Night Out With String Bean by David Spicer

I knew String Bean for five years
before he knocked on my door
and confessed, I don’t want
to frighten you, but I’d like
to gobble your blood. See, I’m
a Norwegian vampire. Dawn
strangles me after the last drop
of red wine trickles from my teeth.
OK, I answered. In nightshirt
and stockings, I didn’t hesitate,
recognized delusional gleams in
dead eyes. His skin’s patina
between pale and paler, earrings
little buckets hanging from his
lobes, hands displaying long
nails and thousand-dollar banknotes.
Drape your cloak on, Dolphin,
let’s find a bedroom victim we
can seduce. Lonely in my ransacked
castle, I craved orgasms to shake
and tumble my bones. If you’ll wear
your eyebrows, we’ll scope out the
sexy blacksmith in the canteen,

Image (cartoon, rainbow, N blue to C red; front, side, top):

I suggested. Searching for martyrs,
we opened the door, whisked
into the night, and rattled our
keys under the hungry moon.

David Spicer

David Spicer has had poems accepted by or published in The American Poetry Review, Ploughshares, Reed Magazine, Circle Show, Slim Volume, Yellow Mama, Jersey Devil Press, Bad Acid Laboratories, Inc., The Kitchen Poet, and elsewhere. He is the author of one full-length collection and four chapbooks, is the former editor of raccoon, Outlaw, and Ion Books, and lives in Memphis, Tennessee.


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